03/12/2007 - OECD countries have given a green light for the start of accession talks with five prospective new members -- Chile, Estonia, Israel, Russia and Slovenia, signaling a new stage in the Organisation's drive to broaden and deepen its involvement with emerging new players in the global economy.
The approval of so-called "road maps" setting a negotiating framework for each of the five countries marks the formal launch of a process agreed at an OECD ministerial meeting in Paris last May. In parallel, OECD has announced plans to engage more closely with other significant economies, notably Brazil, China, India, Indonesia and South Africa.
The twin-track process is designed to reinforce OECD's role as a hub for dialogue on global issues involving both OECD and non-OECD countries, OECD Secretary-General Angel Gurría said. OECD's working methods are based on the principle of peer review and evidence-based discussion of policy options, drawing on the experiences of member countries. "Our goal is to help countries respond successfully to the challenges and opportunities of a global economy.''
"By extending our membership and deepening our relations with other big players in the world economy, we are broadening our perspectives and consolidating our role as a source of policy solutions," Mr. Gurría added. "Governments must work together to tackle issues like innovation and intellectual property rights, poverty and inequality, climate change and international migration. OECD provides a forum for doing that."
Created in 1961 as the successor to the Organisation for European Economic Co-operation which was set up in 1948 to administer the Marshall Plan, OECD defines its mission as being to help make the world economy work effectively and efficiently. It currently has 30 members, the most recent entrant being the Slovak Republic in 2000. Its founding Convention requires it to help member countries to achieve sustainable economic growth and employment and rising standards of living while maintaining financial stability, thereby contributing to improved prosperity worldwide.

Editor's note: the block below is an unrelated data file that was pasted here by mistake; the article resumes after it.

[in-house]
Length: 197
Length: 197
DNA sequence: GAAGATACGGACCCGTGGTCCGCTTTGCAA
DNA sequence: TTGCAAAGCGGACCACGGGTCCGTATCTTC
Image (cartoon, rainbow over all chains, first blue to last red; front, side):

Accession negotiations will take place individually between the candidate countries and the OECD committees that handle the substantive aspects of the Organisation's work. These bring together senior officials from national capitals to discuss policy in areas ranging from farming to financial affairs and from taxation to trade.
OECD Deputy Secretary-General Thelma Askey will visit each of the five countries over the next few weeks to set the accession talks in motion. Once OECD committees are satisfied that a candidate country fulfils their requirements for membership, a final decision on whether to issue an invitation for membership will be taken by the Organisation's governing Council of ambassadors. Like all major decisions affecting the Organisation, decisions on membership will have to be taken on a basis of consensus.
The OECD's current members are: Austria, Australia, Belgium, Canada, Czech Republic, Denmark, Finland, France, Germany, Greece, Hungary, Iceland, Ireland, Italy, Japan, Korea, Luxembourg, Mexico, the Netherlands, New Zealand, Norway, Poland, Portugal, Slovak Republic, Spain, Sweden, Switzerland, Turkey, the United Kingdom and the United States.